WHEN the ball stopped rolling, West Bromwich Albion were sitting in second place in the Championship, one point behind leaders Leeds United and six points clear of third-placed Fulham with nine games to go.
Understandably, there will be a sense of injustice among their fans should the “Baggies” not get promoted back to the Premier League they left in 2018. Hence they are eager for the campaign to be completed and insist the Hawthorns is “ready to go” for behind closed doors games.
Although they’ve been out of the Premier just a short while, Albion’s financial position has obviously changed, underlining the power of English football’s top division. The club’s revenues fell by 43% in 2018-19 to £ 70.8 million, the highest in the Championship, and they posted a net loss of £ 7 million for the second successive season, despite cutting expenses by 43%. Albion’s wage bill reduced by 49% to £ 46.8 million, a dramatic fall on the £ 92.2 million paid out in 2018-19, but the fifth highest in the Championship.
Predictably, the revenue streams most affected by relegation were broadcasting (down 48% to £ 52.8 million) and commercial (30% lower at £ 10.7 million). Matchday revenues were only marginally down, hardly surprising given attendances were just 1.5% lower, with the average gate amounting to 24,148 (2018 – 24,520). Albion’s fans demonstrated their loyalty in 2018-19 by buying more season tickets than in their last Premier season (17,750). Up until lockdown, crowds at the Hawthorns averaged 24,053 in 2019-20.
Albion sold some players after relegation to ease wage outlay, but after 2018-19, players like Jay Rodriguez, Salomón Rondón and Craig Dawson were released, bringing in more than £ 35 million in transfer revenue. In 2018-19, Albion generated £ 10.1 million in player trading, an increase of 73% on 2017-18. Other the past two seasons, player amortisation has been £ 25 million and £ 23 million respectively.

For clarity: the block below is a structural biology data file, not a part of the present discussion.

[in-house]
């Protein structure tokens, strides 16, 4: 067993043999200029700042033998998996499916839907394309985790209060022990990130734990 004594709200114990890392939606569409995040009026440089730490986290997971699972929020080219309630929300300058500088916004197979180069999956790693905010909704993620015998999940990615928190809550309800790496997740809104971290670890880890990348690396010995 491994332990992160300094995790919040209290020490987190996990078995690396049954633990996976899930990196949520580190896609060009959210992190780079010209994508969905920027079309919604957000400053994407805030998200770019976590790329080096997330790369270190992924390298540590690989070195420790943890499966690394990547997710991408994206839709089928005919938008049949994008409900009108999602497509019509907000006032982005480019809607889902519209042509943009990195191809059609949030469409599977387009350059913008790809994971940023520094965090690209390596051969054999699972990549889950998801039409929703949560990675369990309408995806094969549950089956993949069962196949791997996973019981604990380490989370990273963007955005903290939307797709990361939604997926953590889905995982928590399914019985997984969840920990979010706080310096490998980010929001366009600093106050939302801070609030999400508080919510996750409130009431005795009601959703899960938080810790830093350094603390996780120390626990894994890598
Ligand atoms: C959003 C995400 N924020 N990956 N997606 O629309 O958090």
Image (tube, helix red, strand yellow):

To counter the lost income, Albion received around £ 43 million in parachute payments, but despite still having one of the highest wage bills in the Championship, they missed out on promotion in the play-offs, losing to Aston Villa (wage bill £ 83 million) on penalties in the play-offs. The pressure being placed upon clubs who have invested heavily in order to compete at the top is now creating difficulties, said Cardiff Chairman Mehmet Dalman, who added that a dozen Championship clubs could be up for sale owing to the Coronavirus.
Football finance expert Gerard Krasner warned that clubs with foreign ownership could face additional problems in the near future should owners have to reassess their investments held overseas. Notwithstanding the economic downturn on the horizon, they may consider football clubs are no longer viable interests in the post-crisis world.
But Albion’s situation is fairly reasonable compared to some clubs that have suffered relegation in recent years. Aston Villa, for example, lost £ 69 million in their first post-drop campaign. Albion’s wage-to-income ratio is 66%, some 40 percentage points lower than the Championship’s outrageous average. Albion are also unlikely to get extravagant in the transfer market should they go up, and will avoid the cash-happy antics of some recently promoted clubs.
It was notable in the 2018-19 accounts that Chief Executive Mark Jenkins received a significant pay increase but he has received plaudits for the way he has managed Albion’s transition from Premier League to Championship. Since then, however, Jenkins has taken a 100% pay cut during the lockdown period.
Two years after he returned to the Hawthorns, admitting that he was shocked at the state of Albion’s accounts, Jenkins insists the club is financially stable. Like all clubs, they have seen revenues dry-up, but they are due £ 10 million in transfer income representing the latest instalments from the sales of Dawson, Rodriguez and Rondón, which should ease some of the discomfort. Meanwhile, the “Baggies” are waiting to see how the 2019-20 season will be settled and whether they will return to the Premier League any time soon.